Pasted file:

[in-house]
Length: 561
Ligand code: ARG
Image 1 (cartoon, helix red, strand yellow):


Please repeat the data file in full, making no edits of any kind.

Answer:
[in-house]
Length: 561
Ligand code: ARG
Image 1 (cartoon, helix red, strand yellow):